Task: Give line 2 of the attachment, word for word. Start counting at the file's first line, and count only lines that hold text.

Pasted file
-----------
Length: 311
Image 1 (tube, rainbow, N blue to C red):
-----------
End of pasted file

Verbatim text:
Image 1 (tube, rainbow, N blue to C red):